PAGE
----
Higher doses of vitamin D help prevent falls, study finds

Share this article:
Seniors aged 65 and older can significantly reduce their risk of falls by taking vitamin D supplements every day. But they need to take more of the vitamin than previously thought, according to the results of a new study.

Currently, the U.S. Institutes of Medicine recommend adults aged 51 to 70 take 400 International Units (IU) of vitamin D each day, and seniors aged 71 and older take 600 IU per day. After taking a close look at eight studies concerning the relationship between vitamin D and falls, researchers at the University of Zurich, Switzerland, concluded that those doses aren't enough. Vitamin D supplements of between 700 and 1,000 IU taken daily are associated with at least a 19% reduction in the risk of falls, they discovered. Vitamin D3 proved even more potent, reducing the risk of falls by 26%. Doses of less than 700 IU do not provide significant benefits when it came to falls prevention, researchers say. Falls are the most common reason seniors may need nursing home or rehabilitative care.

The effects of the higher doses of vitamin D become apparent after just a few months, and the benefits typically last for years, according to the researchers. The report was published online in the Oct. 2 edition of the British Medical Journal.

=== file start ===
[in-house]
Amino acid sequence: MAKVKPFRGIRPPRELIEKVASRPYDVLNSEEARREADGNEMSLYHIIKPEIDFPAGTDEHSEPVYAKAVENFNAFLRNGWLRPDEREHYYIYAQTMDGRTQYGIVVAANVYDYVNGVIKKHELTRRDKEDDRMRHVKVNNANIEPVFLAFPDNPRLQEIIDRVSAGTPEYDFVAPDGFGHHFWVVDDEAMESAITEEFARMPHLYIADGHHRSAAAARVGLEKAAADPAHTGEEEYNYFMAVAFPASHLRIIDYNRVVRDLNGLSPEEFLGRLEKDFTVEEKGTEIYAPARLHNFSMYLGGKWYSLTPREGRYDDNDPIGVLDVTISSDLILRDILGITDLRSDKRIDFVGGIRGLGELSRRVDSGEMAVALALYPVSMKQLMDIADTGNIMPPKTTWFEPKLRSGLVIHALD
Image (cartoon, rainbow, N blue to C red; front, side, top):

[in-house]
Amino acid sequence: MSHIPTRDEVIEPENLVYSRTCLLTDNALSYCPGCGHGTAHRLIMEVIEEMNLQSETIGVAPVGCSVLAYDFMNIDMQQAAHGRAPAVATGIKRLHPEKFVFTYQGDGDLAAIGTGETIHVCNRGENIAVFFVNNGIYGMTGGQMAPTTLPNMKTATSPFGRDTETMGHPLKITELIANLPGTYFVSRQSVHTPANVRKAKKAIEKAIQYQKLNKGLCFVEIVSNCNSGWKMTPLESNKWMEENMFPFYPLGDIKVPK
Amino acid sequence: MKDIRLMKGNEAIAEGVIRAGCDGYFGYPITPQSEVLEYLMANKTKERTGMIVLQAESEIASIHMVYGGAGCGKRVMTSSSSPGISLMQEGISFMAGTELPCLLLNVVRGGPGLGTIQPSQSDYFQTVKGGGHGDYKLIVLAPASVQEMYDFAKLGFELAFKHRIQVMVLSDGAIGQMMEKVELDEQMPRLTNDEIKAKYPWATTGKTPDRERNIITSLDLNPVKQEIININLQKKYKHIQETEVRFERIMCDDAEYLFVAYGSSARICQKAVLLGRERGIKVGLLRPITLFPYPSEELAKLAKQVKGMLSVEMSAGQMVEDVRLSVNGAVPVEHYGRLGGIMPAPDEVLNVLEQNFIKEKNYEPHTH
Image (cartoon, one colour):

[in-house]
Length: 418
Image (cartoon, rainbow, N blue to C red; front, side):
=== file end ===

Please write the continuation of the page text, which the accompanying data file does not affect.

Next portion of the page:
Share this article:

More in News

Also in the news for Oct. 23, 2014 . . .

ManorCare facility reaches $41,000 settlement over excluded nursing assistant ... Gait linked to Parkinson's-related dementia ... Automated tracking helps mandatory healthcare worker flu vaccination

CMS expands therapy payment research

The government is expanding its research into alternative therapy payments, to consider more holistic changes to the way Medicare reimburses skilled nursing facilities, the Centers for Medicare & Medicaid Services announced Tuesday.

CDC tightens Ebola guidelines for healthcare workers

The Centers for Disease Control and Prevention has issued more stringent guidelines for how healthcare workers should interact with Ebola patients, following an outcry from nurses and other professionals.